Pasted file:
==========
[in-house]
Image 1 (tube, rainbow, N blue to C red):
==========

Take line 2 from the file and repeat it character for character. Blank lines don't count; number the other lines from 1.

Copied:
Image 1 (tube, rainbow, N blue to C red):